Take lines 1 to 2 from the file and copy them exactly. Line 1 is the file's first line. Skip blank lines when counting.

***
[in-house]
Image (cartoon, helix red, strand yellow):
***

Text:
[in-house]
Image (cartoon, helix red, strand yellow):